1. Such consignments of onions for consumption will not be subjected to the four times penal fees on account of non compliance of conditions of import under the PQ Order, 2003.


Source : Department of Agriculture & Cooperation (Ministry of Agriculture New Delhi, September 1, 2014,


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Posted by on September 3, 2014 in International Trade


Consumer Alert : Packaged Soup:Taste Vs Health, Eat smart & Save at restaurants

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Posted by on September 3, 2014 in Consumer Awareness


Administration failure : Water borne diseases on the rise in states


 68 workers drink gukta factory water, taken ill


Some 68 workers of a gukta’ manufacturing unit in Bhopal were taken ill after drinking water meant for industrial use.

The workers have been administered emergency medical care, according to district health officials here on Monday.

The incident came to light when a private hospital reported the matter to district chief medical and health officer (CMHO) Dr Pankaj Shukla on Monday.

Dr Shukla said, “A team from IDSP along with doctors inspected the factory and collected the water samples. Action against the factory owners is being considered. We are waiting for laboratory report of the water samples.”

The factory which manufactures Rajshree Gukta in Govindpura industrial area had claimed initially that drinking water being used by them was from Bhopal Municipal Corporation (BMC). However, when health officials cross checked, it was learnt that the civic body does not supplies water to the industry.

Integrated Diseases Surveillance Programme (IDSP) officials said the 68 people have been discharged. “They have been reporting of vomiting and diarrhoea for the past few days,” said an IDSP official.

IDSP report submitted to the CMHO mentions that water filter used in the factory were defunct in absence of regular service. However, it could not be established if any of the chemicals used in manufacture led to the illness of factory workers.

Number of diarrhoea patients reaches 200 mark

PANCHKULA: 01.09.14

The number of diarrhoea patients in Sector 19 crossed the 200 mark on Sunday. To make matters worse, authorities have not been able to detect the problem. Sources said a 70-year-old woman died of diarrhoea but doctors denied it saying she was brought dead to the Sector 6 hospital.

The HUDA department concerned and medical teams are trying to control the situation but have not had much success. Special arrangements have been made for the public, including water tanks for residents. The number of members in the medical team, including the number of doctors, has been increased and all the nine teams are continuing with their door-to-door survey.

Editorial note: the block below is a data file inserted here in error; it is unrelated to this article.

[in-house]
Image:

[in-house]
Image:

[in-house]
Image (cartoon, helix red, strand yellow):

“Our teams are available with the patients 24/7. We are doing our best and now it is up to the water department to ascertain the exact reason behind water contamination”, said chief medical officer, VK Bansal. “We have also made public announcements on speakers and requested people to put chlorine balls in a bucket of 20 litres of water and boil water before drinking. Pamphlets have been distributed in the area listing prevention and cure”, he said.

Public health department has also started a helpline where people can call and inform about water contamination. According to HUDA officials, their teams are working on detecting the source of water contamination. Water supply was stopped earlier on Saturday and water is being supplied through water tanks.

Deputy commissioner SS Phulia said the exact reason for the outbreak is yet to be detected. Ruling out the possibility of breakage in the underground pipeline, he said, “We have checked water pipes and we didn’t find any breakage. There is the possibility that rain water may have got mixed in the tube well in the area and that might have contaminated the water”.

Water-borne diseases spreading in Manda, Koraon blocks


Supply of contaminated water is the key reason behind spreading of water-borne diseases in villages falling under Manda and Koraon blocks. Health teams visited several villages after death of eight children and revealed that villagers have no source to get pure and fresh potable water.